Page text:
N-glycosylation patterns correlate with hepatocellular carcinoma genetic subtypes

Andrew DelaCourt, Alyson Black, Peggi Angel, Richard Drake, Yujin Hoshida, Amit Singal, David Lewin, Bachir Taouli, Sara Lewis, Myron Schwarz, M. Isabel Fiel, Anand S. Mehta

Research output: Contribution to journalArticlepeer-review

13 Scopus citations


Hepatocellular carcinoma (HCC) is the second leading cause of cancer deaths globally, and the incidence rate in the United States is increasing. Studies have identified inter- and intratumor heterogeneity as histologic and/or molecular subtypes/variants associated with response to certain molecular targeted therapies. Spatial HCC tissue profiling of N-linked glycosylation by matrix-assisted laser desorption ionization imaging mass spectrometry (MALDI-IMS) may serve as a new method to evaluate the tumor heterogeneity. Previous work has identified significant changes in the N-linked glycosylation of HCC tumors but has not accounted for the heterogeneous genetic and molecular nature of HCC. To determine the correlation between HCC-specific N-glycosylation changes and genetic/molecular tumor features, we profiled HCC tissue samples with MALDI-IMS and correlated the spatial N-glycosylation with a widely used HCC molecular classification (Hoshida subtypes). MALDI-IMS data displayed trends that could approximately distinguish between subtypes, with subtype 1 demonstrating significantly dysregulated N-glycosylation versus adjacent nontumor tissue. Although there were no individual N-glycan structures that could identify specific subtypes, trends emerged regarding the correlation of branched glycan expression to HCC as a whole and fucosylated glycan expression to subtype 1 tumors specifically. Implications: Correlating N-glycosylation to specific subtypes offers the specific detection of subtypes of HCC, which could both enhance early HCC sensitivity and guide targeted clinical therapies.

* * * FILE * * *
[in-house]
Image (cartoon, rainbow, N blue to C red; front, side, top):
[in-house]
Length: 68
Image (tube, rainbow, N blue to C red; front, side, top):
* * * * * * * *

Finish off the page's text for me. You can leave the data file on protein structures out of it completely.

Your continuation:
Original languageEnglish (US)
Pages (from-to)1868-1877
Number of pages10
JournalMolecular Cancer Research
Issue number11
StatePublished - Nov 2021

ASJC Scopus subject areas

  • Molecular Biology
  • Oncology
  • Cancer Research


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